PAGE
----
In 1813 the Americans took York (now Toronto) and for a time occupied the Canadian shore of the lake. In 1814 the British army was reinforced with Peninsular veterans, who were a most valuable support for the Canadian volunteers. Other attacks of Americans were repulsed, though the Canadians were driven from Fort Erie. Then, in June, occurred the famous battle of Lundy's Lane, when 2,800 British repulsed 5,000 Americans. In the following month a British force under Major-General Ross defeated a far superior force, with the result that Washington was captured and burned in retaliation for the burning of York and other towns. Roused by the wanton destruction at Washington the American army advanced in overwhelming force, before which the British retreated. An attempt upon Baltimore failed, and the British were defeated at New Orleans with great loss.
At sea there was nothing worthy of record. In the early part of the war, the American Navy won several small successes ; but the lesson was taken to heart, and the British Government sent out a more powerful force, till in 1813 and 1814 English squadrons invaded the American coast, the smaller vessels ascending the rivers and doing great damage. During the last year of the war practically the whole coast was blockaded, with the exception of the New England ports which were open to neutral vessels.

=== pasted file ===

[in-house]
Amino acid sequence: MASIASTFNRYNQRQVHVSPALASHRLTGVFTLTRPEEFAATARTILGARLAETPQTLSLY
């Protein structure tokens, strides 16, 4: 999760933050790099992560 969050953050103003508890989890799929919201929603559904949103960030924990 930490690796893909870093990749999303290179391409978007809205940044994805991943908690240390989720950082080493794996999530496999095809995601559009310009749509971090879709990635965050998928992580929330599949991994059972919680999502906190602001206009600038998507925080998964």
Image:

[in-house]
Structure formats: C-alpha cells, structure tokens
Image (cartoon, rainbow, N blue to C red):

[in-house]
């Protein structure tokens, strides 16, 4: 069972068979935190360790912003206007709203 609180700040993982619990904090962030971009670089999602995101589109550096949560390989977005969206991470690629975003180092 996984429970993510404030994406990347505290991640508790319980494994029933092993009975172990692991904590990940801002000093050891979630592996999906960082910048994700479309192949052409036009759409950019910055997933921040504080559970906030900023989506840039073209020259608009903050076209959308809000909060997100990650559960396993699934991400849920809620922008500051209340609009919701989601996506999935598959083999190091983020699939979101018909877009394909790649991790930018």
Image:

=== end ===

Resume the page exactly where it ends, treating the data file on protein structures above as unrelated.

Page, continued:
When peace was declared by the Treaty of Ghent, on December 24th, 1814, both sides were heartily tired of war, though indeed it is doubtful if the sober heads on either side had ever desired it. Born of intolerance, nursed by southern and western politicians, war and its results were quickly forgotten. No definite result was arrived at in the Treaty except that the British claim to the right of search was practically abandoned, and certain privileges in the British North American coast granted to American fishermen by the Treaty of 1783 were withdrawn.
The one useful result of the war was to draw together in a common bond of sympathy all parties in Canada. British and French Canadians shared in the honours and disasters ; racial differences were forgotten, and it was only with the conclusion of peace that politics once more regained their ascendency and racial antagonism reappeared.